With traditional forms of media neutered and forced into self-censorship, the internet remains as the main way for Venezuelans to inform and stay informed, but it is not without its risks.
The socialist regime maintains a technical monopoly on internet access in the country through CANTV. Many, for the lack of alternatives, have no choice but to use CANTV and its obsolete technology as their internet service provider. The service is as corrupt as the rest of the country’s public offices, and people often have to pay high fees under the table just to get service back — I’d know, since I found myself having to pay $50 in cash in November 2021 so that I could get back online.
I always take necessary precautions when using CANTV’s internet service, using VPN services to add an extra layer of security and to bypass the ever-growing list of banned websites in the country. VE sin Filtro, a project dedicated to informing people about internet censorship in Venezuela and teaching them how to overcome it, identified 59 websites blocked in Venezuela in 2021 and 68 blocked internet domains, of which 45 belong to media outlets and eight to websites of a “political nature.” The regime also forces private internet providers to ban websites on demand.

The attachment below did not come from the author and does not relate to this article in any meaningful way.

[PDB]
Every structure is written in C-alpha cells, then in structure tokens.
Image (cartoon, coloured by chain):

As if holding rigged elections was not enough of a guarantee for the socialist regime, they have also blocked access to pro-opposition websites during electoral campaign times. Access to YouTube and other social media has been surgically blocked in the past whenever the Venezuelan opposition or President Juan Guaidó has given a speech. With Guaidó and the opposition plunging further into irrelevance, however, the Maduro regime has apparently not felt the need to repeat this tactic in recent times.
The most dangerous threat that Venezuelans face online is the country’s anti-hate speech law, which can net up to 20 years in prison for those found guilty of “hate speech,” an ambiguous term that the socialist party interprets at will. As such, one must tread carefully with what you type or say online here. Voice of America recently reported the tale of “Yonh,” a recent victim of the socialist regime’s hate speech law whose only crime was to privately insult the Bolivarian National Guard through WhatsApp after members of the National Guard closed his workplace.
While the socialist regime has a near monopoly on internet access, it has recently allowed new private service providers to operate in the country. These providers, however, are way out of reach of the pockets of many. As of early this year, and after 20 years of using CANTV, I finally was able to get a new Internet Service Provider. It’s not the best, and it’s rather expensive for what it is, but it sure beats having to deal with CANTV.
Even so, just because it is a private service, I don’t lower my guard, so to speak. I still take my own set of precautions to stay safe online within these borders because, at the end of the day, it is the socialist regime that signs off the operating licenses for these new Internet Services Providers.
Christian K. Caruzo is a Venezuelan writer and documents life under socialism. You can follow him on Twitter here.